The other night I was working with one of them on a project – changing the lyrics of a musical to fit a play we are working on. I think we did a good job in keeping the core of what made the song great in the first place, not perfect, there  are a few rough spots, and I don’t like all the transitions, but overall, really good, and I’m not embarrassed take credit for it. She though, was ecstatic, “It’s beautiful,” she tells me, “You’re so good at this,” “That line is brilliant, I don’t know how we did it”, and“Oh my gosh, I’m so excited about this!” I really think we may win a Tony now.

I feel like they’re living on a different plane of existence, even if we are experiencing the same thing, the way we interpret them and relate them, the dichotomy, is the clichéd night and day. To them a day is never a day, there’s always something fabulous, stupendous, horrendous or dreadful. You will talk to them, and you won’t think they’re drama queens, they’re not, they just know how to talk. And you will listen, and wish you had been there with them, or done when they did when x,y and z happened.

Am I missing something?

I ask my student’s if they could choose only one of the personalities presented in the poem, no in between balance, which would they choose? Most couldn’t decide if they wanted the intelligence, but no one caring to hear a word they said, or to talk total fluff and have everyone’s neck craned forward to hear your next utterance? I try pressing them for a definitive answer, but then they ask me for my choice, and I can’t decide either.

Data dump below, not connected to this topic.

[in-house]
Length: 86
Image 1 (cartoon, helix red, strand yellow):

Good thing mutually exclusive things don’t come along that often, and that there is balance to most things in life…but still…if I had to choose… Is it really about how you talk, or how you experience life, which affects which?… If I had to choose…


Posted by on November 29, 2011 in Teaching


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Vindication at a Cost

I’m not really the official devar Torah kind of person, y’know, the open a Chumash, read a posuk, explain it, ask a question, answer the question according to some gadol and add my own thoughts to it. I’m more the paraphrase kind of person, focusing more on my interpretation of things and the point gained from it.